Trying to move offense forward, Fassel leaves Vikings game behind

The Baltimore Sun

Ravens offensive coordinator Jim Fassel didn't like the show Friday night in Minnesota. There were too many mental mistakes, turnovers and times when the Ravens simply got whipped physically. But Fassel is treating the 30-7 loss to the Vikings more as an aberration than the norm.

Until that game, the Ravens' offense had shown progress. It had not scored as many points as Fassel would have liked, but it had moved the ball by establishing a running game and it kept often-injured quarterback Steve McNair protected. So instead of screaming and yelling now, Fassel is teaching.

When you perform as poorly as the Ravens did last week, that's about all you can do.

"I would have felt a lot better if last week we had played sharp, clean football, but we didn't," Fassel said. "You always feel like your last game, and in our profession, you're anxious to get back to feeling good about the next game. We have shaken it off, and that was an oddity to us.

"Up until that game, honestly, our offensive line was protecting extremely well. We were running the ball. Steve was doing smart things with the ball, but last week it all went away. Now we have to get back on track."

And maybe we'll finally see a mid- to long-range passing game.

That has been a missing ingredient in the Ravens' offense. It's preseason, so you can forgive the Ravens for the uninspiring performance against Minnesota. They've done a lot of things well, but McNair hasn't gone downfield much. It's dink and dunk, which is a major characteristic of the West Coast offense, but McNair has thrown only two or three passes more than 12 yards, and they all fluttered.

So, the big question is: Can McNair still throw deep consistently?

Fassel says there just needs to be patience.

"Can he throw long anymore? Well, we'll find out. I think he can," Fassel said. "We will have a deep game; yes, we will."

Fassel said the entire offense has been implemented, but he's taking it slow with McNair. It's not that McNair, a 12-year veteran, has had problems picking up the offense, but Fassel prefers it that way. He doesn't mind if McNair takes a lot of repetitions in the preseason with safe, short passes.

He knows that he has been working with the Pro Bowl quarterback on the field for only about a month, and he wants McNair comfortable heading into the season opener Sept. 10 against the Tampa Bay Buccaneers.

"Kyle [Boller, backup quarterback] would need that time [for learning the offense]; any quarterback would," Fassel said. "As late as we got Steve - and he has great instincts and is a smart guy - it's no longer just answering questions in the classroom, or just watching tape. It's hike the ball, drop back and everything happens so quick. He is grasping everything. The offense is there. We don't use all the plays every game. We just want to give him looks for him to react."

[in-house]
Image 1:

Fassel believes the Ravens have the receivers to stretch the field in starters Mark Clayton and Derrick Mason. The Ravens don't have a veteran on the team with great speed, but rookie Demetrius Williams might become that player. He has been impressive in the preseason and has potential. Fassel hasn't given up on third-year receivers Devard Darling and Clarence Moore, both of whom have played well late in the preseason. The problem is that there have been flashes from them before, and then they've disappeared.

"We've got guys who can do this and guys who can do that. I think we have all the bases covered," Fassel said.

Well, almost. Pass protection has to improve from a week ago, especially on the right side of the line. For some reason, the Ravens have had problems picking up middle blitzes for years. The Ravens also had four turnovers leading to 17 Vikings points.

But just as he has with McNair, Fassel is showing patience with the offense because it's still preseason. The Ravens, though, need to turn up their intensity a few notches, regardless if it's preseason or not.

It's one thing to lose because some coaches prefer to game-plan in these games as opposed to others who don't. But there is no excuse for not playing with passion, especially when it's only for one or two quarters.

Complacency can carry over into the regular season. Fassel wants to see a different Ravens team tonight in the final preseason game against the winless Washington Redskins, who have been horrendous during the preseason.

"Our guys have responded the way we wanted them to," Fassel said. "We look forward to going out and playing sharp. We've made some progress [but] we made a lot of mental mistakes last week. If you're making those kind of mistakes, it's hard to get that quick, aggressive plan, and we didn't play physically like we're capable of playing.

"In the preseason, you point out certain things, and I pointed out that this is going to happen to us if we're all not taking care of business. Don't worry about anybody else's job, do your job. Another thing I point out is that if you're minus-4 in turnover ratio, you're not going to win.

"Preseason is the time to hone your team in, look at people. I never had a good preseason record. I know some coaches that immerse themselves into the preseason as far as game-planning, or whatever, but I think there is other criteria. In the preseason, you've got to develop mental toughness, too. You go out there and if you don't play well in the first quarter, you've got to play well in the second. We've got to get it going again."

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